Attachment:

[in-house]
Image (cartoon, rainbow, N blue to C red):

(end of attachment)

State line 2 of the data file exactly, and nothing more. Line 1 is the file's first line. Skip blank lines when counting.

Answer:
Image (cartoon, rainbow, N blue to C red):